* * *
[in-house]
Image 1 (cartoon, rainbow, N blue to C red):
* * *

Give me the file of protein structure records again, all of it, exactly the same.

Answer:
[in-house]
Image 1 (cartoon, rainbow, N blue to C red):